The distribution of the conduit-like structures caused her to theorize that goblet cells were providing the pathway for antigen entry into the deeper dendritic cells, but she left for SIU Carbondale before having a chance to prove it. Colleagues at Washington University eventually ran the experiments that confirmed Konjufca’s suspicions. Goblet cells, which get their name from their flared, goblet-like conical shape, are known to supply the mucus that lines the inside of the intestinal tract, protecting the epithelial lining. Finding out that they may also act as an inlet for antigens, however, is a potentially important discovery. “It will help us better understand the mechanisms of soluble antigen uptake from the intestinal lumen and induction of immune tolerance to these antigens. It will also open the possibilities of new vaccine designs and drug-targeted therapies,” Konjufca said. The other authors of the paper include Jeremiah R. McDole, Leroy W. Wheeler, Keely G. McDonald, Baomei Wang, Kathryn A. Knoop, Rodney D. Newberry and Mark J. Miller, all of Washington University School of Medicine.
SCHOOL OF LAW White-Collar Crime: Going international By Pete Rosenbery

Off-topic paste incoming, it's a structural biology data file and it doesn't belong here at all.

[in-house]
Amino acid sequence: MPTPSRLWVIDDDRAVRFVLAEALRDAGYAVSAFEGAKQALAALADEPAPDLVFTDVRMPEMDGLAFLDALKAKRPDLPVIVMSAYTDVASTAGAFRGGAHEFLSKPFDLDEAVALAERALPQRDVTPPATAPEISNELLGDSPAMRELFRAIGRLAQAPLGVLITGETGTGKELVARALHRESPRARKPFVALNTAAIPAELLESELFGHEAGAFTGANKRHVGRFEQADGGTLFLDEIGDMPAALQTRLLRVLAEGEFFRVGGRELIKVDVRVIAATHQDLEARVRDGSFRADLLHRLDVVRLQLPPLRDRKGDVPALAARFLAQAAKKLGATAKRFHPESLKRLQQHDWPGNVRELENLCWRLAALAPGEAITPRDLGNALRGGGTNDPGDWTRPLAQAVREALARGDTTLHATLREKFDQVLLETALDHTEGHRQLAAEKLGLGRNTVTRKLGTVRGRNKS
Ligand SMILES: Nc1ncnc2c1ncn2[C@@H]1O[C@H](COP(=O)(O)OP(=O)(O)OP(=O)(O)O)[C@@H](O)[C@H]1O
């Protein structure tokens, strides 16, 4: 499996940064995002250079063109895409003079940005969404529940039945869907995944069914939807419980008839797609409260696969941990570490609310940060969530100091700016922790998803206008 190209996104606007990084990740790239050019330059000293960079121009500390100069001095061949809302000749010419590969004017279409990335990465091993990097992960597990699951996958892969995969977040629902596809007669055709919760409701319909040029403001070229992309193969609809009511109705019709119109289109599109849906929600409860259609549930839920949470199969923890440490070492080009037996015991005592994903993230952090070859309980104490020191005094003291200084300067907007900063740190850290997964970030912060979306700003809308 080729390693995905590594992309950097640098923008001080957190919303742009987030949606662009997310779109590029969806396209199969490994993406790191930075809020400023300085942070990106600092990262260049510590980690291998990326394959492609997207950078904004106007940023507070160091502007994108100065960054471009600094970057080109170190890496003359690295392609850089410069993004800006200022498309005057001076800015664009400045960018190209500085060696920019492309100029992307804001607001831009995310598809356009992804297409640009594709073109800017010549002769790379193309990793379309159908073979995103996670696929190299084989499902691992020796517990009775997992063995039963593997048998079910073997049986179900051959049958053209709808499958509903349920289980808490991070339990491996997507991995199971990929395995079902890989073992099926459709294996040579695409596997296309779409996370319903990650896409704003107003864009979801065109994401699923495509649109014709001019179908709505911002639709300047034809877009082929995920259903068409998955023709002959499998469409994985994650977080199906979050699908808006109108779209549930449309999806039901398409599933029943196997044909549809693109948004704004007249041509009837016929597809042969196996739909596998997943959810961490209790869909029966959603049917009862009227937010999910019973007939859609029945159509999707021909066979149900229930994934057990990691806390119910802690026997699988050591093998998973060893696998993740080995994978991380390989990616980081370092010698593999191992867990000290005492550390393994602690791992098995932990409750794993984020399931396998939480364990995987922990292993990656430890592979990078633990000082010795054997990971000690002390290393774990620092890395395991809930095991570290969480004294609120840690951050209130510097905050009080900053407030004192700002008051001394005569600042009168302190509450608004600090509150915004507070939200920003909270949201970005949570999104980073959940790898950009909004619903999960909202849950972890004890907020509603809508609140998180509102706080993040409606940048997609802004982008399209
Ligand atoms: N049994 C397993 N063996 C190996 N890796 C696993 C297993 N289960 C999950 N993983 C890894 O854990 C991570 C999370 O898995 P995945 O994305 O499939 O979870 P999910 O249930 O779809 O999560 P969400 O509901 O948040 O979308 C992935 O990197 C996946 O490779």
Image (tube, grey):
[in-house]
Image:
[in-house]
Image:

White-collar crime no longer is limited to an employee siphoning off a few hundred dollars from a local store down the street. Technology in a global economy is paving the way for more complex issues that can involve corporations on an international level. Lucian E. Dervan, an assistant professor of law at the Southern Illinois University School of Law, is researching how corporations respond to international white-collar crime, along with the challenges in conducting internal probes that involve documents and employees outside of the United States. In addition, Dervan, Dean Cynthia L. Fountaine, and five law school students spent a week at a university in Germany last fall examining various aspects of international law, including white- collar crime and international corporate internal investigations. The course last fall proved so successful that the SIU School of Law is expanding the offering into a new course for the upcoming academic year where law school students will have a similar opportunity to study international law in Australia or Jordan during the spring 2013 semester. “SIU Law’s new globalization course is a semester-long course that includes study in another country for one week during the semester. This is an innovative approach to providing opportunities for students who may not be able to participate in a more traditional study abroad program,” Fountaine said. “I am delighted that we are able to offer this opportunity for our students to expand their knowledge of other legal systems and cultures.” Fountaine said an important feature of the trip to Germany